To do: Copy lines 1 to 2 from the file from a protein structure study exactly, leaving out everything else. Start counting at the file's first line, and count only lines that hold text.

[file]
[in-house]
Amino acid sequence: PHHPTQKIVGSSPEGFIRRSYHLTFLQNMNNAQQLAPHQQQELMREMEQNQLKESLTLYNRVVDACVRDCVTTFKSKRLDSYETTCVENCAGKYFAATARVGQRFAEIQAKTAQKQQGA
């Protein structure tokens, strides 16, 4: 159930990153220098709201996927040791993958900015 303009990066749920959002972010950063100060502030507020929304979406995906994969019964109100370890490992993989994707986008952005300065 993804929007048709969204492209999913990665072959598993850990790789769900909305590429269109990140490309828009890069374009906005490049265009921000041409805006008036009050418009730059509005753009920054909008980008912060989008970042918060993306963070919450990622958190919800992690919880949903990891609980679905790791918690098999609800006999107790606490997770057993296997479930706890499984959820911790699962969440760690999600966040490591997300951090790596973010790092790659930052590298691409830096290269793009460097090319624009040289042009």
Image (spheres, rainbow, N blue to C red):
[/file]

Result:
[in-house]
Amino acid sequence: PHHPTQKIVGSSPEGFIRRSYHLTFLQNMNNAQQLAPHQQQELMREMEQNQLKESLTLYNRVVDACVRDCVTTFKSKRLDSYETTCVENCAGKYFAATARVGQRFAEIQAKTAQKQQGA